Reflect and discuss… How does questioning by teachers and questioning by students prepare students for college, career, and civic life?
Reflect and discuss… Why do you think it was important for the writers of the C3 Framework to make strong connections to the Common Core State Standards? What are some concerns with making those connections?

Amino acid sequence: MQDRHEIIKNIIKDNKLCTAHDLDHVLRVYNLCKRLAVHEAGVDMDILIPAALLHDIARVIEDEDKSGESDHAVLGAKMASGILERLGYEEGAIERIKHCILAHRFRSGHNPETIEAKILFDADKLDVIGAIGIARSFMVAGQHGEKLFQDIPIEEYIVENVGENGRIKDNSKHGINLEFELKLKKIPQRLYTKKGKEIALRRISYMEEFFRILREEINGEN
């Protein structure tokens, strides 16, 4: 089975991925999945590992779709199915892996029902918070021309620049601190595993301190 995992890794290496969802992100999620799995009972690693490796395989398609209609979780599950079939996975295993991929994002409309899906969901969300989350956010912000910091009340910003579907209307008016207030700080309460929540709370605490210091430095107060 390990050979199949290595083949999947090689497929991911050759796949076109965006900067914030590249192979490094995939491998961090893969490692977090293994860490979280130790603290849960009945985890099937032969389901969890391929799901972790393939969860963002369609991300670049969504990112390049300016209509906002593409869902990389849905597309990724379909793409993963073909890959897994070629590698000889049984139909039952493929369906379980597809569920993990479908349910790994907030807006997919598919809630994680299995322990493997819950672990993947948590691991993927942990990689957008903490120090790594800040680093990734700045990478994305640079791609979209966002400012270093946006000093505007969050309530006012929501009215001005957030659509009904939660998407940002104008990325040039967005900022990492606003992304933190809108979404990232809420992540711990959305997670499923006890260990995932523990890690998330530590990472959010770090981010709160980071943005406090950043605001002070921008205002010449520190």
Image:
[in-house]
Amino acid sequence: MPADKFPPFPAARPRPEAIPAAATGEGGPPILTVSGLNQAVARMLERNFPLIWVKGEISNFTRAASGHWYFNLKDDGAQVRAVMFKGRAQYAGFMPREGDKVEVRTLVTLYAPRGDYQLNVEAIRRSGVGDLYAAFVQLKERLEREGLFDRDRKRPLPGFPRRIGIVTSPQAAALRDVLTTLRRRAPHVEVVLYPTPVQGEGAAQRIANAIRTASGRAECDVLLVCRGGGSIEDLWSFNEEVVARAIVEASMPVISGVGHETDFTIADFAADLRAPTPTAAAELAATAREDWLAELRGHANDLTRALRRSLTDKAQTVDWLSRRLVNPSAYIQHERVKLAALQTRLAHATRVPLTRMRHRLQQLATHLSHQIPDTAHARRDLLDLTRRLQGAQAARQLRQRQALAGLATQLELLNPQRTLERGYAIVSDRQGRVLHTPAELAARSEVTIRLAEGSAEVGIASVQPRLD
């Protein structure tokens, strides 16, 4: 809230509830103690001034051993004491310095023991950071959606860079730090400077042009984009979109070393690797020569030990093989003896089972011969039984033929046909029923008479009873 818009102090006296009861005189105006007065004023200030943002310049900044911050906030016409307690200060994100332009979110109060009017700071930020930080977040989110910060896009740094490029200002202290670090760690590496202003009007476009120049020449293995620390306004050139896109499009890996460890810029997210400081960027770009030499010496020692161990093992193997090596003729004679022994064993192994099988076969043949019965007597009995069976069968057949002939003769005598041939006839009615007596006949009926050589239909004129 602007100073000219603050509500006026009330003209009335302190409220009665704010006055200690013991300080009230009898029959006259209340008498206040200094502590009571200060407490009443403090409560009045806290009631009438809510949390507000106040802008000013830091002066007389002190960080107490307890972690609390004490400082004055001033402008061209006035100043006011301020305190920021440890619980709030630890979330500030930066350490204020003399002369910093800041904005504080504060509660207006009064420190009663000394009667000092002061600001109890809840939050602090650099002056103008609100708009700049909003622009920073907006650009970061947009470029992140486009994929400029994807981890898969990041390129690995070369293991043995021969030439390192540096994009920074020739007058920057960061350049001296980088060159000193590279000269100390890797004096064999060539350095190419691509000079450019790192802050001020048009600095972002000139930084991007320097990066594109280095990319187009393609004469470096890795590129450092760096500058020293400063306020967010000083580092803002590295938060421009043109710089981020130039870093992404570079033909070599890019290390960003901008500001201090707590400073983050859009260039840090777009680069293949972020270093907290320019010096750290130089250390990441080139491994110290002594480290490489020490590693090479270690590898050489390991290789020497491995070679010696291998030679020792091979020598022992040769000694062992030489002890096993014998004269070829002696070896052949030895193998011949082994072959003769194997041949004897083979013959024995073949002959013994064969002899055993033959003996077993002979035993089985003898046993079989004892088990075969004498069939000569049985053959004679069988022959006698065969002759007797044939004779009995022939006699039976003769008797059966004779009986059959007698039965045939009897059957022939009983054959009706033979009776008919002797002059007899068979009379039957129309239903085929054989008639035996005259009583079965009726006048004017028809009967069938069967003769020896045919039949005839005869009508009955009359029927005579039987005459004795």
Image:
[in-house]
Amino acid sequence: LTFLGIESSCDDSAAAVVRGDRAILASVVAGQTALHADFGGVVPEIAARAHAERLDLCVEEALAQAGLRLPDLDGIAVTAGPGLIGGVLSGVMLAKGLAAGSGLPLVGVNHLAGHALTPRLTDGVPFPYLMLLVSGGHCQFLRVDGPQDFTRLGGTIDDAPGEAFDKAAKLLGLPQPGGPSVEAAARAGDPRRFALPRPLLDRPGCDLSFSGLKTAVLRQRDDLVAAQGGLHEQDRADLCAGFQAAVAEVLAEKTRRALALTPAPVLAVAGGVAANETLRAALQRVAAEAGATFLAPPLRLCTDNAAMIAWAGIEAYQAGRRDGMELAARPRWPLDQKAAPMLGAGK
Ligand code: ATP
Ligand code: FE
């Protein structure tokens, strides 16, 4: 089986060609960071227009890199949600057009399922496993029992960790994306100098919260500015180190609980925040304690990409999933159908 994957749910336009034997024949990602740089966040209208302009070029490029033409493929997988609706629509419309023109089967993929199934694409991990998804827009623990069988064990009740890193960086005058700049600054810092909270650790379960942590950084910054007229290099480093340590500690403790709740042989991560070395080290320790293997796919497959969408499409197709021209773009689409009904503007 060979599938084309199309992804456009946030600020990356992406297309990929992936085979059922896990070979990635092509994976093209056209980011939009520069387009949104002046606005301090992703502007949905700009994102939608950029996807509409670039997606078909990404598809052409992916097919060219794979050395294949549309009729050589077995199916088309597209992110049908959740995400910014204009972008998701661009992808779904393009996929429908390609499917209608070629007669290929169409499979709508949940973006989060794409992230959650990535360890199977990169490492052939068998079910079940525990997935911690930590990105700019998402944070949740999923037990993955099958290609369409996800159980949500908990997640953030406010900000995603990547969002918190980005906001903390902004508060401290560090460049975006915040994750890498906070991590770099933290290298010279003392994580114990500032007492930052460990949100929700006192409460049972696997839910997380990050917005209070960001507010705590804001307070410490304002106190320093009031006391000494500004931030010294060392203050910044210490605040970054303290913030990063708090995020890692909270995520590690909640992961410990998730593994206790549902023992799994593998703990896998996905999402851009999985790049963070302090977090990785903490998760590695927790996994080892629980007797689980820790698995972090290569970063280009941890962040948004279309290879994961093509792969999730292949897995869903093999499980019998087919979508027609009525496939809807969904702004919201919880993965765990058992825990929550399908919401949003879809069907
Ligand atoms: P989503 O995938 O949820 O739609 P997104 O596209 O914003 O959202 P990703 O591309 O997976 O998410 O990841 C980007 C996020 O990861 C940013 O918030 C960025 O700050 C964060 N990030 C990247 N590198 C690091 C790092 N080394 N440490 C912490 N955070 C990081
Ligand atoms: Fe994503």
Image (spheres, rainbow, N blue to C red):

Activity Reflecting on the Shifts for Social Studies What Does This Look Like In the Classroom? Adapted from achievethecore.org 1.Inquiry is at the center. 2.Disciplinary integrity and interdisciplinary connections matter. 3.Informed action and application of knowledge is clear and present. 4.The Inquiry Arc represents an instructional arc – a frame for teaching and learning.